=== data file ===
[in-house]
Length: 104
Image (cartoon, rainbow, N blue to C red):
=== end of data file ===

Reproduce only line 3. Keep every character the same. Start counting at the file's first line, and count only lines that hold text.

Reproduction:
Image (cartoon, rainbow, N blue to C red):